First, consider stopping by The Curly R and reading the latest of his multipiece epics in blogging. Part 1, Part 2, and Part 3 are predictably solid and well researched posts that Ben should be proud of and you should have read by now.
Gregg Williams was supposed to have an interview two days ago but per RI it was moved to a 12 hour monster set for today. The Post said Saturday. I can't find a source that has him being interviewed today but RI did say this:
First, Gregg Williams represents continuity. Why? As (hat tip: Curly R) the Times points out, the success we experienced under Gibbs was unique to the Snyder era and just so happened to represent the most continuity of that same era. Was Dan paying attention? He says he was, emphasis mine:
"Incredible patience," Snyder said when asked what Gibbs taught him.
Patience never has been a word associated with Snyder, who rose from college dropout to billionaire in less than two decades.
"I don't think things have changed in what I'm looking for. Continuity, absolutely, is very important," Snyder said. "I like where we are. I'm very, very pleased with the players and coaching staff. We're in good shape."
2007 was the kind of season I can get behind supporting continuity. We made the playoffs which has happened rarely under Dan Snyder. We did so in spite of a number of injuries, the 4th most difficult schedule in the league per FO, and of course the death of Sean Taylor. The former two are easy to identify because they are simply crunched numbers or gathered data. There is no way to objectively quantify the effect the death of your team's best player can have, but observers the league over overwhelmingly recognized it as a tramatic experience for a team to deal with. We did so, and respectably. One day they will make a Disney movie out of it, because Dan Snyder will buy Disney and make them.
Second, although continuity is great, it doesn't matter if you don't have a qualified person available to carry over the continuity. For example, if there were a member of Spurrier's staff I'd have considered for the HC job, it would've been Marvin Lewis (at the time -- I've been convinced otherwise since then) and he belted for the Bengals in 2003 anyways. Gregg Williams joined the staff in 2004 and has been with the team, coaches, and players every moment since then. That is four complete seasons of picking and meddling and communicating with all the moving parts of an NFL franchise and thus represents the kind of continuity we're talking about above.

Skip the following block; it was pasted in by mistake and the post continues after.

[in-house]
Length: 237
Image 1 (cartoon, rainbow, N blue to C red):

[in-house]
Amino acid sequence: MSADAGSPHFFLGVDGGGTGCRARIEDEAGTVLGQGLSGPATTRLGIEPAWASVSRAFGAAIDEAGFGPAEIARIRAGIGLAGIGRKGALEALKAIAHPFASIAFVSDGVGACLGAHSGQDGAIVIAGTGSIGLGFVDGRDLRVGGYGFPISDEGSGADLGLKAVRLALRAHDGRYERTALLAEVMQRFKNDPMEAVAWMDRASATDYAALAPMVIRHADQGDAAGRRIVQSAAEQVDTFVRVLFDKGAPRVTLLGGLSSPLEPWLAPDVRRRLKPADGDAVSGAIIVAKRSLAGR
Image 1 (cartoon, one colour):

Is he qualified? Defensively there can be no doubt, here are his figures as defensive coordinator by traditional metrics, first yards, then points. Years immediately prior and immediately after his tenure are covered paranthetically:
(1998 Titans, someone else, although Gregg was the LB coach, 16th yards, 12th points)
1999 Titans 17th yards, 15th points
2000 Titans 1st yards, 2nd points -- to only the 2000 Baltimore Ravens who, incidentally, would win the SB with that defense and allow, I think, the fewest points of damn near any team in league history.
(Spurrier's 2003 Redskins 25th yards, 24th points)
2004 Redskins 3rd yards, 5th points
2005 Redskins 9th and 9th
2006 Redskins 31st and 27th
2007 8th yards, 11th points
FO ranks comparably. In 1998 prior to Gregg Williams taking over the defense in Tennessee, they were 28th in the league. In 1999 they jumped up to 18th, by 2000 they were 2nd to just that dominating Ravens defense of legend. In 2003, prior to Williams, Redskins were 27th defensively. They were 4th in '04, 4th in '05, a bad 32nd last year, but rebounded to 6th this year.
When all is said and done, it appears, as a Defensive Coordinator at least, that Gregg Williams is overwhelmingly good with one anomalous year in 2006. We were around to understand the severity of the horror that was our defense that year, but there were also some extenuating circumstances discussed at length elsewhere on this site. I'm not going to rehash that discussion but encourage you to do so; suffice to say, I am personally convinced that Gregg Williams understands defenses and that he makes a fine defensive coach. If you are yet convinced, consider reading his cheerleader bio at the Official Site which is well researched even if it would say good things.
Does that mean he'd make a Head Coach? Probably not, as I'm sure that there have been plenty of competent defensive coordinators who couldn't make the transition. Furthermore his record as HC was spotty at best, going 17-31 in his short three year tenure in Buffalo. What I will say in response to that, perhaps accepting the role of apologist, is that Gregg Williams would not be the first coach in history to succeed (if he were to do so) after a less than stellar first stint as head coach. Furthermore, it's not easy to win games with the likes of Alex Van Pelt, Rob Johnson, and an aging Drew Bledsoe. And that 2001-2003 stint isn't entirely without merit because those damned 2003 Bills were a fine defensive team, ranking 2nd in the league. (Remember, too, that his tenure happened to occur right in the midst of the historic run of the division rival Patriots, who won 34 games and 2 Super Bowls in those three years -- the AFC East produced three playoff teams in Gregg Williams first year: New England, Miami, and NY).
Murmur murmur murmur I'm of the opinion Gregg Williams has earned a 2nd shot at a head coaching job and that might as well be here. I'm rarely correct about anything, so maybe it's best we don't get Gregg, but don't let me be wrong without you going on record as having called me out. Post in the comments if you want somebody else.
Because you could get somebody else. Per Fanhouse: